- ‘Star Trek: Discovery’ unmasks the time-traveling Red Angel Thursday 8:30 PM
- Everyone is making memes of Meghan McCain saying ‘my father’ on loop Thursday 8:11 PM
- Irony of Georgia’s sperm-reporting bill flies by anti-abortion advocates Thursday 7:11 PM
- Sex scandals are consuming the K-pop industry Thursday 5:44 PM
- Trump supporters are abandoning Fox News over network’s latest hire Thursday 5:20 PM
- QAnon is attacking a random woman in a disturbing and dangerous way Thursday 4:59 PM
- Google celebrates Bach with AI-powered, music-making doodle Thursday 4:53 PM
- RIP: The best free trial in all of streaming entertainment Thursday 2:19 PM
- Which ‘Florida Man’ are you? Thursday 1:06 PM
- Hundreds of millions of Facebook passwords were accessible to employees Thursday 12:55 PM
- ‘Bitch I’m Bella Thorne’ morphs into TikTok dyslexia meme Thursday 12:17 PM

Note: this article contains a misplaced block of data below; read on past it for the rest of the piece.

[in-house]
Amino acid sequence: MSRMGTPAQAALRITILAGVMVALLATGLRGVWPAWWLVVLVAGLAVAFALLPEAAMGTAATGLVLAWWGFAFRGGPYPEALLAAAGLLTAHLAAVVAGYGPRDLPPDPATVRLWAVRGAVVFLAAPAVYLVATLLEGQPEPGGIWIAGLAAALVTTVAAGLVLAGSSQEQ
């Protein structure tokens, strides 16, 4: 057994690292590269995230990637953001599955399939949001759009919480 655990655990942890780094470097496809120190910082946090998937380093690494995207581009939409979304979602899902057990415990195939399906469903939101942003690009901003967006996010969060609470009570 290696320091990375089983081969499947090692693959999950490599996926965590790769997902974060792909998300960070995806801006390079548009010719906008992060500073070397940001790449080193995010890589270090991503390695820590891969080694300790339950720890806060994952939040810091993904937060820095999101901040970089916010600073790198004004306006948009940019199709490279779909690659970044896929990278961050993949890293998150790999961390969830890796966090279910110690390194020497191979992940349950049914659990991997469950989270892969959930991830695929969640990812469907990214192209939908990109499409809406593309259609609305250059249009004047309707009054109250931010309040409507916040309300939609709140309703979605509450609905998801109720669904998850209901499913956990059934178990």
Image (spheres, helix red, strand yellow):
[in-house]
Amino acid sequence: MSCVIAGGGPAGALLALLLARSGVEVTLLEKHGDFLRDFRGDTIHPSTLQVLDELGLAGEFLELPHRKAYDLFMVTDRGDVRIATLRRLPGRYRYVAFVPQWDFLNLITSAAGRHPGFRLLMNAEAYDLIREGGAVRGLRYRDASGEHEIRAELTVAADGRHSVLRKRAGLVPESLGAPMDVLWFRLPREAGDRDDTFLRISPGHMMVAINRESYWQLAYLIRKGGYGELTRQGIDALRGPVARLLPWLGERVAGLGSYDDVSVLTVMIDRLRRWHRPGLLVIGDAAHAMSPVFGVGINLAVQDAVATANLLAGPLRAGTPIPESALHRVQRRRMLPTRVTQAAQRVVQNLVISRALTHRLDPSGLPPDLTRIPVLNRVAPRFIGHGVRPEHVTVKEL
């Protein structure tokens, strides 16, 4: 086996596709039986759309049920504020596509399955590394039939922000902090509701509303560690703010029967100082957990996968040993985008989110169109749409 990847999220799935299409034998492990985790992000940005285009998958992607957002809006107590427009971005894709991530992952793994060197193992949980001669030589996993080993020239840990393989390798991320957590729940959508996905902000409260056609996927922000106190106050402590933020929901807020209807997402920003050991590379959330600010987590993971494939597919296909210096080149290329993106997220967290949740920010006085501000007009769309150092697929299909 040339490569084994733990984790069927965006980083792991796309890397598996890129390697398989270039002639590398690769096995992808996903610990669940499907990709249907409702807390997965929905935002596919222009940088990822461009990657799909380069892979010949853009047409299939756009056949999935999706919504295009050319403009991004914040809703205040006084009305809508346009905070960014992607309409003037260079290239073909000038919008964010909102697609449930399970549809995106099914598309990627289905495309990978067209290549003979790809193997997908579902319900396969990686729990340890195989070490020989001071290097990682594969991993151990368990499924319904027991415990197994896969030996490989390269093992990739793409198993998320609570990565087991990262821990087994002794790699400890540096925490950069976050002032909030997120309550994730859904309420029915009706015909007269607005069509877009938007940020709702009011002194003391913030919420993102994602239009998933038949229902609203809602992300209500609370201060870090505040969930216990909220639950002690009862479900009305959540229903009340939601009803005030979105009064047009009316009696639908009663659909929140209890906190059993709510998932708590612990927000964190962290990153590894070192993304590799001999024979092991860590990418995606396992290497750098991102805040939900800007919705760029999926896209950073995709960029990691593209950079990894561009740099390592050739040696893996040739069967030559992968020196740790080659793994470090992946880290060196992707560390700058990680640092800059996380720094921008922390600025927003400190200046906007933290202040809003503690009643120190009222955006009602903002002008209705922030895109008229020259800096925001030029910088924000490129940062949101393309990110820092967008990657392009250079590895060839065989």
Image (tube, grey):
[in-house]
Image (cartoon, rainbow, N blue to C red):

- Marvel is auctioning props and costumes from Netflix’s ‘Defenders’ franchise Thursday 12:12 PM
- Net neutrality advocates plan online watch party for the ‘Save the Internet’ Act Thursday 12:01 PM
- Tim Cook turns his iPad meme into an AirPod meme Thursday 11:46 AM
- Auschwitz Memorial asks visitors to stop taking playful photos at Holocaust site Thursday 11:33 AM
Sometimes scientists screw up on the job, too.
Remember that time scientists tweeted beautiful, breathtaking, amazing photos of the totally badass stuff they do out in the field? The new Twitter hashtag #fieldworkfails tells the rest of the story.
Science isn’t always clean and pretty. Fieldwork, in particular, is usually pretty messy. The new hashtag catalogs all the goofs, forgotten and lost equipment, and broken cars and bones. If your only knowledge of scientists comes from their triumphant press conferences, these tweets will teach you a thing or two.
I couldn’t help but add my own story from the summer I spent studying clam parasites.
Science is not for the faint of heart, that’s for sure.
Photo via Steven Vanderwerff/Wikimedia (PD)
Cynthia McKelvey covered the health and science for the Daily Dot until 2017. She earned a graduate degree in science communication from the University of California Santa Cruz in 2014. Her work has appeared in Gizmodo, Scientific American Mind, and Mic.com.